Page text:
Only Contentment

It is only contentment, but it sweats you out before you’re allowed to make acquaintance.

There’s a good chance that we might never have required religions if people believed contentment was easy to get. In desperation, man must have thought it an exclusively providential achievement, and went on to devote his energy towards an unseen entity expected to be powerful enough to help him attain it. In other words, most have given up contentment as a cause that cannot be accomplished without divine enlightenment. Fools.

And yet, if it was easy, capitalism would have been long extinct.

Contentment, however, cannot just be satisfaction. It is so much more than a mere full stomach or wallet. It is the emotional fortress that assures that even if there isn’t a full stomach or a full wallet, life’s still good. How does one achieve that depth? Height, even? Like numerous droplets joining to form a big, heavy one, small happinesses will perhaps form a pithy one heavy enough to fall, and drench parched surfaces. I do not know. It does seem logical, though, that happiness of the deepest sort will guarantee contentment of that calibre. But why is it so complicated?

Interestingly, like all complicated things, contentment can be looked at from many perspectives. From one, you tend to think that contentment leads to inertia and stagnation. If you’re really satisfied, why strive towards a higher plain? From another, if you’re contented, your life is without an itch. Nothing to scratch, no meat to give to psychologists and self-help gurus. Guaranteed nirvana.

The real trouble is when you do not have a firm footing in either — when you believe that contentment would be a nice little cosy nook to sit in and munch your favourite sandwich, but you keep slipping off the floor. My trouble with contentment is that it is too enticing to ignore, even as it is too murky to strive for. If happiness could be absolute, would there be any need for ambition? If there is no ambition, where is the colour in living?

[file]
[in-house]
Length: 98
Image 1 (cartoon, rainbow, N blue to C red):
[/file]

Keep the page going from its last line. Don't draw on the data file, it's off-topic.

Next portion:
Even though one is tempted to equate contentment with deep happiness, it is probably best to not do so. For if they were, indeed, interchangeable then perhaps there wouldn’t be any need to live, hope, expect, aim at. “You might be satisfied with this painting you’ve painted today, but don’t make the mistake of feeling contented.” There have been numerous such small instances in which my mother, in her own way, tried to differentiate between the two — satisfaction and contentment. I like her definition. When you’re satisfied, it is a momentary exhilaration, willing to give way to more exploration. If you’re contented, you’ve arrived. The choice is yours — you want satisfaction from a particular task, or do you wish for contentment in it? Where does happiness come here, really? At a glance, it seems it figures in in both the cases. Happiness is an emotion that cannot be ousted from any state of being, really. (Unless you’re really adamant about it. But that’s another discussion.) If you look deeper, you realise that an existence in which there is no rush for anything, in which time and place and state of being do not matter, does really offer a better possibility of making you happy. If a certain conditions are met, of course. The presence of a person, an object, a status. Or so we think.